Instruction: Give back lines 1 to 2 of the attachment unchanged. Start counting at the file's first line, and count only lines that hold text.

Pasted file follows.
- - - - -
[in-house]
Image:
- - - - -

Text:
[in-house]
Image: